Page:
Sunday, 18 March 2007

A Day Out (I'd have said 'Grand' but the title has been used)

It was a gorgeous day on Wednesday. London looked so pretty. The traffic, as we approached the City, was awful and the driver took us over Tower Bridge, down Tooley Street and back across London Bridge as that was the quickest way to St Paul's. When we got off the coach, several people asked me the way to go. I pointed, vaguely, away from the river and latched on to friends who actually had some idea where we were going.

We went to the Guildhall first. This is open to the public, except when it isn't. They don't publish in advance whether it is open or not, for security reasons if a Foreign Dignitary (or possibly even a Brit) is coming to call.

It was to be open in the morning. We read the sign. £2.50 entrance, or £1 for concessions. My friends, a little older than I, grinned smugly. I fumbled in my bag for coins. Straight-faced, the woman at the desk said "That'll be a pound each." I was mortified. Only a couple of weeks earlier, when we'd got a block booking for over-60s to Windsor Castle and I was the only one of 49 who has not reached this august age, I felt the need to wrinkle my face and let my chins down. Evidently I had not yet regained my normal smoothly unblemished youthfulness.

We went through the art galleries, which have pre-Raphaelite paintings, official portraits and some 20th Century art. Then we went down into the Roman amphitheatre which was brilliant. It was only discovered about 20 years ago and the restoration has continued until recently. It was really a pleasure to wander in the empty galleries, unobserved by attendants (although, of course, less visibly seen by the CTTV) and to see meetings carrying on in adjoining rooms. How enjoyable, to go to work and take for granted surroundings like those.

By this time my friend Sue and I were getting giggly and we exclaimed joyfully over the food on offer at the sandwich bar. Not a drop did we have all day, I assure you. We were high on springtime, perhaps? It was sunny and fresh and everyone in the streets looked smart and cheerful. And very prosperous. The City of London gives an impression, at present, of streets paved with gold. There's a lot of it about. Positively glistering, it is (are you going to quote Gray at me?).

Goldsmiths' Hall was great. There is a small exhibition on in the foyer, and we'd booked for a private tour. A most engaging chap whose name, sad to say, I didn't catch, showed us round and told us of the history of the Goldsmiths', one of the twelve Great Livery Companies. They are fifth in order of precedence, immediately after the Fishmongers, which rather appeals to me.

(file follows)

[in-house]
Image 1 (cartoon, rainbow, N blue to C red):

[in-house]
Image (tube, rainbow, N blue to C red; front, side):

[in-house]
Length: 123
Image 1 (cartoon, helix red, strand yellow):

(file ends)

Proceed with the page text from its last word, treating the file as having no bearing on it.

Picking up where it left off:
Gorgeous marbled halls, gilded and painted columns and ceilings, splendid candelabra - if you go to an evening reception in the Livery Hall, the 493 candles are lit in the 5 candelabra - all by one nimble chap, apparently - but they are wired too and we had lightbulbs. At dinner, silver-gilt rosewater bowls are passed around for the guests to rinse their fingers. Messy eaters, these City people, it seems.

Each year, in October, the Goldsmiths' Fair is held and most of us keenly put our names down on the mailing list - one friend who has been says that it's wonderful. Like the Guildhall, it is a working building and it's where silver, gold and platinum items go to be hallmarked (as well as to the other assay offices in the country, Sheffield, Birmingham and Edinburgh).

8 comments:

Dandelion said...

All that glisters is not gold, apparently.

And what are the Goldsmiths doing washing their hands in silver bowls? What is that about?

I went to a dinner at "one of the 12 great livery companies", and it was fabulous, because when they brought round the port, suddenly someone banged a thing, and told us to stand for the queen. I knew it was just a toast, but quite a few people started looking around for her...

Glad you had a lovely day. And a lovely mothers day.

Z said...

I fed you that line!

Silver-gilt, so it did look like gold...and it glistered.

I went to a couple of the Lord Mayor's dinners at the Mansion House. Reet posh they were, apparently. Unfortunately they were a few months before I was born and I didn't see a thing...

A wildlife gardener said...

Never been to those places, but I'm impressed. Fancy all that happening in such close proximity to the Roman stuff...lucky things working there, as you say.

martin said...

Imagine the cheek of that ticket person. I once went to the theatre with someone and they mistook him for the harmonica player Larry Adler, this bought me to me knees in the foyer of the Comedy Theatre as he had been dead six months and was about 88 when he died. Needless to say the person in question did not quite see it from the same angle as me !. I did go to Denmark Street and get him a Hohner as a joke, that came flying back past me ear...some people.
I have started my research 500 blogs, lots of coffee.

Z said...

My elder son used to start his school day with assembly in Norwich Cathedral. It had no effect whatsoever on his appreciation of the finer things, but I was jealous (though I expect it was damn cold most of the year)

Martin, at least the story raised a laugh when I gave the vote of thanks for the organiser on the return journey.

Crumbs, you are dedicated. I really am not worthy.

How do we know said...

i come to your blog most days and thoroughly love reading.. you can be entertaining, witty and original, all at the same time! :-)

Since i had nothing to say (as usual!), will just say Hi! and leave..

Z said...

Oh, you are sweet to me. And far too kind.

badgerdaddy said...

Post reminded me of that fabulous Norwich Union building on Surrey Street in Norwich. Oh, and that old Barclays Bank which isn't used as a bank any more - that's a stunner, would love to have a wander round the upstairs there.
Although they're probably a bit less sexy than your Goldsmith's whatsits.